Blood Composition

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Blood Composition
2011-01-30 18:48:17
blood cells red cells white cells

Clinical Pathology
Show Answers:

  1. What type of tissue is blood?
    Connective Tissue
  2. What does blood consist of?
    Plasma+ cells (erythrocytes, leukocytes, and platelets)
  3. What is the difference between plasma and serum?
    Serum= plasma- fibrinogen
  4. What is in plasma?
    albumin, and fibrinogen, calcium, potassium, sodium and chloride, and lipids
  5. Functions of Blood
    transport, regulation, and protection/ defence
  6. Hematopoiesis-
    The production of blood cells
  7. Erythropoiesis-
    The production of red blood cells
  8. Hemoglobin-
    The protein in red blood cells that carry oxygen ( 4 hems perglobin so it carries 4 O2 molecules)
  9. Senescence-
    The natural destruction of red blood cells due to age (10% intravascular/ 90% extravascular)
  10. Leukopoiesis-
    The production of leukocytes (white blood cells)
  11. Granulocytes-
    A white blood cell that contains secondary, also known as specific, cytoplasmic granules. 3 types- Neutrophils, eosinophils, and basophils
  12. Agranulocytes-
    White blood cell that does not contain secondary granules. 2 types- Lymphocytes and Monocytes
  13. Diapedesis-
    cells squeeze through the endothelium and crawl to site of injury
  14. Chemotaxis-
    chemical distress signal from damaged tissue to WBC’s
  15. Leukocyte-
    White blood cell
  16. Erythrocyte-
    Red blood cell
  17. Leukocytosis-
    Increased number leukocytes of in the blood
  18. Leukopenia-
    Decreased number of leukocytes in the blood
  19. Neutrophilia-
    Increased number neutrophils of in the blood
  20. Neutropenia-
    Decreased number of Neutrophils in the blood
  21. Eosinophilia-
    Increased number of eosinophils in the blood
  22. Monocytosis-
    Increased number of monocytes in the blood
  23. Lymphocytosis-
    Increased number of lymphocytes in the blood
  24. Lymphopenia-
    Decreased number of lymphocytes in the blood
  25. Polycythemia-
  26. How do you calculate Blood volume?
    75mls/kg of lean body weight/ can lose up to 25% before it’s critical
  27. PVC-
    Pack Cell Volume/ the % of whole blood that is made up of RBC’s
  28. TP-
    Total Protein/ fibrinogen, Albumin, and Globulins- normal for most species is 6.0-8.0 g/dl
  29. Plasma Protein-
    Total protein without Fibrinogen
  30. Fibrinogen-
    Made in the liver and is necessary for clotting/ < or = 5% of total protein
  31. Albumin-
    Made in the liver, is important for transport, and helps maintain osmotic pressure/ 30-50% of total protein
  32. Globulin-
    Consists of many different proteins, some are immunoglobulins, IgG, IgA, IgM, IgD, others responsible for binding heme
  33. Lymphocyte-
    WBC, agranulocytic, Non-phagocytic, #1 responder to viruses and cancer, most common in pigs and ruminants, only one not matured in bone marrow, 3 types= t-lymph, b-lymph, and natural killer, Non-specific and Specific immunity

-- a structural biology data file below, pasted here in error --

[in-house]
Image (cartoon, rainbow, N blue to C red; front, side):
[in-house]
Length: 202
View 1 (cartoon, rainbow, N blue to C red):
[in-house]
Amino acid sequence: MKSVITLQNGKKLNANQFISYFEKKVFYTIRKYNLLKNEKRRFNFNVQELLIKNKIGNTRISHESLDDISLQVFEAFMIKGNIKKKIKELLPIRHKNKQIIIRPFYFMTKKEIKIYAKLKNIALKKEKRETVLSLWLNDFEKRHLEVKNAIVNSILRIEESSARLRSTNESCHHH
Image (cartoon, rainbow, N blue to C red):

34. Monocyte-
    WBC, agranulocytic, Macrophages, Responds to Chronic bacterial infections, fugal infections, and foreign material, Largest of WBC’s, accounts for about 5% of WBC’s, helps lymphocytes with specific immunity
  35. Neutrophil-
    WBC, granulocytic, #1 responder to bacteria, most abundant WBC in Cats and dogs, non-staining granules, pink/ light blue cytoplasm, segmented nucleus
  36. Eosinophil-
    WBC, granulocytic, # 1 responder to allergies and parasites, accounts for about 5% of circulating WBC, red staining granules
  37. Basophil-
    WBC, granulocytic, responds to allergic response, least prevalent and understood, heparin and histamine in granules, blue staining granules
  38. Macrophages-
    clean-up crew
  39. What do all blood cells start out as?
    Pluripotent Stem Cells (PPSC)
  40. Erythropoietin-
    Hormone released by Kidney and sent to red bone marrow in response to hypoxia
  41. Hypoxia-
    insufficient levels of oxygen in blood and tissue
  42. The Spleen-
    made of two parts (red and white pulp) that has a giant storage capacity for blood
  43. Red-pulp-
    Blood sinuses in the spleen where large volumes of blood are store and can be released when needed
  44. White-pulp-
    sinuses in the spleen the store white-cells and aid in immunity
  45. Breakdown the word hemoglobin-
    heme= pigment and globin= protein
  46. What does blood transport?
    O2, waste, Thrombocytes, hormones, and blood cells
  47. What does blood help regulate?
    Temp, pH, homeostasis, hydration
  48. Hemoconcentration-
    dehydrationàlow water content in blood
  49. Hemodilution-
    over-hydrationàhigh water content in blood
  50. How much of the body is blood?
    About 7%
  51. About how much blood can a 4x4 hold?
    About 10-15mls soaked
  52. Reasons for anemia?
    Blood loss, hemolysis, RBC destruction, decreased production, decreased hemoglobin, and more
  53. Where should we draw blood from?
    • Cats and dogs- jugular, cephalic, or saphenous
    • Equine- jug
    • Bovine- jug, tailvein
    • Avian- jug, wing vein
    • Rabbit- ear vein, cephalic
    • Pir- Ear vein, vena cava
  54. EDTA: where is it and what does it do?
    In purple tops, it is an anticoagulant that binds with calcium
  55. Hemolysis-
    destruction of erythrocytes
  56. Lipemia-
    presence of fat material in plasma or serum
  57. Increase in both PCV and TP=
  58. Decrease in both PCV and TP=
    acute blood loss or hemodilution
  59. Increased PCV and normal TP=
    splenic contraction
  60. Decrease in PCV and normal TP=
    hemolysis/hemolytic anemia or decreased RBC production